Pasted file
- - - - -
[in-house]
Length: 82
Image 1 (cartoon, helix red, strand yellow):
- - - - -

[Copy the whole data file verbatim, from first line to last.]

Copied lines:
[in-house]
Length: 82
Image 1 (cartoon, helix red, strand yellow):